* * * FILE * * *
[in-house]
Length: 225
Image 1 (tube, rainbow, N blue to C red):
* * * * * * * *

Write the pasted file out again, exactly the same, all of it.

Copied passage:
[in-house]
Length: 225
Image 1 (tube, rainbow, N blue to C red):